Amnesty International wants Cameroon to grant Gay Rights.

February 2, 2013 § 6 Comments

Amnesty International, AI, has stigmatized Cameroon as a country with a bloody record of human right abuses. This is the byword of the 2012 report the organisation published in January 24.

“People in Cameroon are being subjected to a raft of abuses including unlawful killing and torture as the authorities seek to use the criminal justice system to clamp down on political opponents, human right defenders and journalists and as a weapon to attack lesbian, gay, bisexual, transgender and intersex (LGBTI) people,” partly reads the report of the global human rights organisation.

The report documents a series of cases where fear, intimidation and imprisonment have been used to clamp down on political opposition to President Biya. “For example, the case of Titus Edzoa, the former Health Minister who quit government to stand as a Presidential candidate on April 20, 1997. He was later arrested on charges of corruption and he is currently serving a 20-year jail sentence after completing a 15-year prison term,” says the report.

It quotes a melancholy-stricken Edzoa telling AI officials during a visit to his cell in Yaounde that, “I am living in virtual isolation and frightened people will forget me.” AI equally indicts the Cameroon for harassing and threatening human rights defenders and members of their families for doing work and failing to offer them protection.

“Over the years, dozens of prisoners attempting to escape have been shot, injured or killed by guards. Numerous prisoners are held in shackles and many have been detained for more than 20 months without trial,” the report points out. Going by the AI report, its officials visited Kondengui Prison in Yaounde and the Douala New Bell Prison and were appalled by the conditions and ill-treatment. At the time of their latest visit in December 2012, there were more than 7,000 prisoners in two prisons with a capacity of 1500.

“It’s close to a miracle,” the organisation observes, “that people actually survive their stay in prison. I was frightened when I visited.  How worse can it be for the thousands of detainees who are abused and forgotten or ignored by the authorities?” one of the officials quipped.

“Inmates in Kondengui Prison,” says the report, “only eat one meal a day and malnutrition is rife.” Prison authorities informed AI that most of the detainees in one wing are mentally ill and researchers saw male inmates who were completely naked amidst a crowd of fellow prisoners.
Rights Of Homosexuals

The report also observes that “engaging in same sex relations is a criminal offence in Cameroon.”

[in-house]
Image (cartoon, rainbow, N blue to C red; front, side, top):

It, however, gainsaid that the authorities for routine arrest, detention and torture of individual inmates because of their real or perceived sexual orientation. Such violations, it claims, have increased since the mid-2000s. It holds that same sex people in custody are also forced to undergo anal examination in mistaken belief by the authorities that the examinations can prove whether or not people are engaging in same-sex relations.

It says there is no justification, whatsoever, for this illegal, degrading treatment. To them, it represents a severe breach of medical ethics and has to end immediately. The report reveals that defence lawyers for same sex people have recently received death threats against themselves and their children for defending homosexuals.

“Amnesty International submitted a comprehensive memorandum on human right abuses to the Cameroonian Government in September 2012, along with recommendations. When delegates visited the country in December 2012, they concluded that human rights violation has continued unabated since their previous visit in August 2010,” the report narrates.

“It is time to put an end to such blatant violation of human rights. The Government needs to make it clear to security forces that human right violations will not be tolerated; that perpetrators will be brought to justice and reparation paid to victims,” says Godfrey Byaruhanga, AI Central Africa researcher, who visited Cameroon recently.

He further says in the report that, “the Government is adamant that it enforces the rule of law but has little to show for it on the ground. It has to prove it means what it claims.” In reaction, a recent edition of the Government-run bilingual daily, Cameroon Tribune, dismissed the report as false. The paper equally published write-ups that seek to “white-wash” Cameroon’s human rights image.


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